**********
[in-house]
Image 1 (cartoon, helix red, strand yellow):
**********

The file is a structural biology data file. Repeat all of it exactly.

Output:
[in-house]
Image 1 (cartoon, helix red, strand yellow):